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Gary Engberg: Be careful when deciding to go fishing on first ice

December 22, 2018

It’s difficult to predict when solid ice will appear these days. I know many have been waiting anxiously for the first solid ice, but the most important thing to remember is safety early in the season.

Diehards have been “chomping at the bit” for some time. But the weather has been up and down and prolonged the agony of those who are waiting for hard water. The one bright spot has been the chance to keep fishing open water from boats or wading from shore.

There’s always been an ego thing about fishing on “first ice” for the best fishing for the winter. The last location of the year where you caught fish before freeze-up is usually the best place to fish when the ice becomes “safe.” But use common sense and don’t take any chances because no fish is worth going out on thin and dangerous ice.

Some tips for first ice:

• Make sure there are at least 4 to 5 inches of ice where you plan to fish.

• Stay away from spring holes, feeder creeks, and warm water discharges. Ice doesn’t freeze solid in these locations.

• Always bring a pair of ice picks in the case you fall through, affording something to help pull you up if the worst should happen. Wearing a life jacket is not a bad idea if you’re unsure on the thickness of the ice.

• The first few weeks of the season you’ll find all species of fish in water under 10 feet deep and even shallower. During stable weather, you’ll find many fish and particularly walleyes in extremely shallow water to feed and this often happens in low light conditions and during the warmth of the day. Perch are an exception to this shallow water bite. Perch are in deeper water and I’ll write about this later in the season.

• Don’t go fishing alone this time of the year. Always go fishing with a buddy. This is also not the time to bring children or dogs on the ice.

• Remember to use common sense and don’t let the enthusiasm of the moment make you do something stupid.

• Stay away from crowds and large concentration of anglers. Too many people in a close proximity can be dangerous on thin ice. Staying away from the crowds can also improve your fishing success because unnecessary noise can drive fish away from your hole. Later on in the winter season, noise is not as much a factor when fishing deeper water. But when fishing shallow water be as stealthy and quiet as possible.

A few early ice “hot spots” which are well worth fishing in the beginning of the season:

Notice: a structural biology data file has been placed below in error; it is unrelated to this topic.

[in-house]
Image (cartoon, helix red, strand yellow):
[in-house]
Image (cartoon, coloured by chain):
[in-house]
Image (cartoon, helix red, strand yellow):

• In the Madison area, the Triangle, around Brittingham Park and Monona Bay are good for both crappies and bluegills on Lake Monona. Early ice seems to give up some larger fish, so this would be a good place to start.

• Lake Wingra, the smallest and shallowest of the Madison Chain, is an early producer with the north end being the best spot. But the bluegills are small and thin.

• Lake Waubesa is another good water that produces early pike on tip-ups.

• Lake Kegonsa is full of springs, so I’d wait a few more weeks to fish it.

• Lake Mendota is the last lake to freeze over in the winter, so keep those perch rods and four-wheelers on dry land for some time. There also are some small bays and lagoons that freeze over early and are good for panfish. At the west end of Mendota, Marshall Park on the Middleton side is well worth fishing. Warner Bay and Warner Park are also good on the first ice.

• North of Mendota is Cherokee Marsh, which is worth trying for a variety of fish. You can jig for panfish and set out a few tip-ups for pike and walleyes.

• If you head out of Madison north on Highway 12, Indian Lake off Highway 19 will soon be frozen. Bluegills are plentiful there, but small in size. It’s a great place to take the kids because the fish will cooperate and make for a pleasant day.

• A few miles past Indian Lake is Highway Y, which will take you to Fish and Crystal lakes. Crystal and Fish lakes are full of largemouth bass which can be caught on tip-ups and minnows. Both lakes have bluegills and Crystal has good crappie and pike which bite regularly.

• The sloughs along the Wisconsin River between Sauk City and Spring Green freeze early, but they have moving water, so be very careful. Helena, Jones, Rainbow, and Badger sloughs freeze early for pike and panfish.

• The other lakes that I’d suggest are White Mound near Plain; Devil’s Lake close to Baraboo; and Gallus Slough close to the north end on Lake Wisconsin.

The fisheries are good and varied. Devil’s Lake has brown trout and big northern pike.

Try some of these early ice fishing locations and you’ll be well on your way to action and some great meals.

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